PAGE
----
La Crisi Napolitana

As club struggles on the pitch, the chairman is embroiled in a dispute with players that has drawn the attention of the Italian and International Player Associations.

What is the limit of an owner’s authority over matters relating to players?

NAPOLI (December 10, 2019) —

Last week, Napoli chairman and owner Aurelio De Laurentiis told reporters he would sell his entire squad if given the chance, a sure sign the club’s civil war rumbles on. The chairman is reportedly considering cutting his losses and letting some of his best players leave in the winter transfer window.

De Laurentiis, 70, a prominent Italian film producer, has resurrected Napoli since buying them in 2004 after they had been declared bankrupt and relegated to Serie C (the Italian third division). The club basically had to start over again from scratch. The Partenopei have finished second in the race for the Scudetto, the Serie A title, three times in the last four seasons and have played entertaining football throughout that time.

However, he also has a tendency for making incendiary declarations, for falling out with his coaches, — for example Ancelotti’s predecessor Maurizio Sarri — and has a reputation for interfering with the coaching staff’s decisions and player selections. In short, a textbook lesson in what not to do when one owns a professional football club.

Aurelio De Laurentiis

Last month, De Laurentiis ordered a seven-day training camp for the players, during which they would not be allowed to go home to their families. Known as a “ritiro,” in Italian, they are used by clubs as a form of punishment for poor performance, and players view them as both demeaning and outdated. The ritiro was organised following Napoli’s defeat to Roma in Serie A on November 2. The players rebelled after the club’s 1-1 draw with Salzburg in the Champions League on the following Tuesday (November 5), going home rather than to the Castel Volturno training facility. De Laurentiis considered it an act of mutiny.

Napoli 1-1 Salzburg | Photo: Marca

This led to a furious stand-off between the playing staff and De Laurentiis. The club responded to the players’ absence from the retreat with a strongly-worded statement about protecting its rights which implied it would fine the players or even take legal action against them. Napoli’s vice-president, who just happens to be the owner’s son, Edo De Laurentiis, also took a swipe at the squad, claiming they lacked ‘balls’, and called for more ‘honour’ to be given to the ‘shirt and the city’. The fans are angry are both sides and protested in front of the Stadio San Paulo. Things are not harmonious in Napoli.

Napoli Vice-President, Edo De Laurentiis

Napoli head coach Carlo Ancelotti came close to being fired by De Laurentiis (see update below). He denied his squad have turned against him after the club’s winless streak extended to eight matches with a 2-1 defeat to Bologna at home. “I have an excellent relationship with the squad,” Ancelotti told reporters. “No one has ever failed to respect me. I don’t see any friction between the players and us.” That winless streak now stands at nine as Napoli drew 1-1 over the weekend away at Udine.

Carlo Ancelotti, Manager, Napoli | photo: Goal.com

The pressure continues to mount on Ancelotti as the Partenopei languish seventh in Serie A, 17 points behind leaders Inter and eight adrift of the Champions League places.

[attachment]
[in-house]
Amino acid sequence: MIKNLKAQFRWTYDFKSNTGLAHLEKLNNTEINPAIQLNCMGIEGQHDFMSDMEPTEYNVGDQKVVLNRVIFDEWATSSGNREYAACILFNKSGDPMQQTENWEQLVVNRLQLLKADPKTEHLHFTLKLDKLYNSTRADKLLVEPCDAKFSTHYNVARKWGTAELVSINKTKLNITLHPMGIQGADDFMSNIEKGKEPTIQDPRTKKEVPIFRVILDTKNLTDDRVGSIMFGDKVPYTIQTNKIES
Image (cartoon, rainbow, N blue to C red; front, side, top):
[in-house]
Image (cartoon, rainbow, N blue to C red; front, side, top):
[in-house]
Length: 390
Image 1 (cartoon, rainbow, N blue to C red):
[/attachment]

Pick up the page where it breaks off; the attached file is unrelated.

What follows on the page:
“We are all united, we are all suffering in this delicate moment and we all want to resolve these issues together,” Ancelotti said.

Napoli’s results on the pitch reflect the continued internal problems. De Laurentiis went ahead with his threats and imposed fines on the players who refused to report to the training retreat he unilaterally imposed on the players. De Laurentiis fined them up to 50% of their October salaries, with captain Lorenzo Insigne reportedly ordered to pay the most at 350,000 Euros (nearly $400,000), followed by Brazilian defensive midfielder Allan at 150,000 Euros ($165,000). The fines could total 2.5 million Euros ($2.7 million).

The players have also been barred from speaking to the press, with Ancelotti only talking to the media prior to the Champions’ League game against Liverpool because not doing so would have broken UEFA rules. After the earlier Champions League draw with Salzburg, Ancelotti skipped his media duties.

Pressure is mounting on the club externally as well. The Italian Players Association ( l’associazione italiana calciatori, “AIC”) is looking into the situation. Carlo Ancelotti has stated publicly that he was not in agreement with the training camp, and as a result AIC president Damiano Tomassi said “it needs to be understood if and how the request for the training camp was formalized.” Tommasi says “the Napoli situation is a strange one and very unusual.” He added, “We talked about it with the team and put ourselves at the disposal of the Napoli players who will ask for our consultation.”

Napoli’s decision to fine its players for abandoning the in-season training camp ordered by the club owner is also being contested by FIFPro, the Amsterdam-based world players union.

FIFPro released a statement November 30, 2019, outlining its position:

FIFPro said the fines contradicted provisions in Italy’s collective bargaining agreement. “The players of Napoli cannot be subjected to arbitrary decisions of a disenchanted club when the result of a match is unsatisfactory,” FIFPro said.

“Technical matters are not the responsibility of club directors and we support (coach Carlo) Ancelotti and the players of Napoli for their united stand in clearly difficult times,” it said.


The AIC‘s mission is to protect, improve and negotiate the conditions, rights and status of all professional players by collective bargaining agreements. The Accordo Collettivo, or Collective Bargaining Agreement (the “AC”) at issue here is between the FIGC (Federazione Italiana Gioco Calcio, the Lega Nazionale Professionisti Serie A and the AIC.